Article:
Personal experiences drove action on the part of other honorees as well. Lorelei McIntyre-Brewer, honored while a sixth-grader at The Cove School, a home-school in Duncannon, PA, was born with only half a heart and has had to undergo multiple open-heart surgeries. She’s built a volunteer network that has provided more than 12,000 special pillows for other children around the world undergoing heart surgery. The Heart-Hugs group sews by hand special compression pillows that the children can hug after their surgery to help rid their bodies of excess fluid and provide comfort.

Lorelei’s mother Michelle McIntyre-Brewer says, “Even though the work she does comes from her experiences missing half of her heart, her mission is selfless: She seeks to make life better for others.” Lorelei is home-schooled by her mother. Steven Brewer provides administrative assistance for the home-school co-op, and says that Lorelei “is amazing and my personal hero.”

In Georgia, Bonaire Middle School student Kelsey Norris, a 13-year-old sixth-grader, provided more than 1,000 volunteer hours and raised more than $20,000 for causes including the Children’s Miracle Network Hospitals, Shriners Hospitals for Children, and St. Jude Children’s Research Hospital. Norris started her young life in a difficult situation. Less than a year old and in a Russian orphanage, she would later be diagnosed with autism. Her personal challenges drove her to give back to others at an early age—by the time she was six, she was visiting schools to read to other children and share her story.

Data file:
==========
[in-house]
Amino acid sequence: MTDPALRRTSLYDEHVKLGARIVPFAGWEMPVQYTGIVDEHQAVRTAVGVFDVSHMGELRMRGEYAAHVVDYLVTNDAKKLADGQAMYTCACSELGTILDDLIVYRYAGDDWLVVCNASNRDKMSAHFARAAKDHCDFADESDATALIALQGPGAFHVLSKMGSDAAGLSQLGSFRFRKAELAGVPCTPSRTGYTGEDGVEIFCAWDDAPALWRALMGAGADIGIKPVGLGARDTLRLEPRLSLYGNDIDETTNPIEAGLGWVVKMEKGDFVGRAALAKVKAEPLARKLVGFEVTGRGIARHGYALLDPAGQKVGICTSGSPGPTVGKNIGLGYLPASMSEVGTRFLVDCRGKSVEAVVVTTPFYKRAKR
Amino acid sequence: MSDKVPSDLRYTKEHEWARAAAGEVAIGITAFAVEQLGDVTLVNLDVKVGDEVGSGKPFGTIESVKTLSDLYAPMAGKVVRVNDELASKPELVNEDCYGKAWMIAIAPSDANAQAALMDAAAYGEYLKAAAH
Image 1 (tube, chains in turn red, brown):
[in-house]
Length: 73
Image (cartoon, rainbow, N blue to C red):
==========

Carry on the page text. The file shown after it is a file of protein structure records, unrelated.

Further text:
While students’ personal experiences often drive them to give back to others, other factors have also impacted interest and participation in volunteerism over the years since Prudential and NASSP first introduced the Spirit of Community Awards program.

Volunteerism on the Rise

Volunteerism is on the rise among today’s youth. A longitudinal study by Child Trends has tracked volunteerism among students in grades 8, 10, and 12 since 1991. While volunteerism among eighth graders has declined slightly since 2012, both 10th- and 12th-grade students have shown a sharp uptick in volunteerism.

Who are these civic-minded students? According to the study:

  • Older students are more likely to volunteer than younger students.
  • Volunteers are more likely to be female than male.
  • Parents of volunteers are more likely to be college educated.

Those who choose to volunteer don’t just help others-they also help themselves, according to the research. They are less likely to use drugs or become pregnant as teens. They are more likely to have strong academic, occupational, and psychological well-being, and they’re more likely to have a strong work ethic. And, according to their parents, teachers, and principals, they are wonderful role models for other students.

Changing the World for the Better

Tim Kenney is the principal of Shorewood High School in Wisconsin, where national honoree Sarah (Katie) Eder is a student. Eder developed a creative writing workshop for children in need that is being taught by 120 students in seven states and five countries. “All of the accolades that Katie has received regarding her work with Kids Tales connect directly to her work here at Shorewood High School,” Kenney says. “Katie embodies everything that we hope for our students; Katie is an excellent role model for her peers.”